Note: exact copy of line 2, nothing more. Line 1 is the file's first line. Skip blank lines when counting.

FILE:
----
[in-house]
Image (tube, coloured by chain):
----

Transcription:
Image (tube, coloured by chain):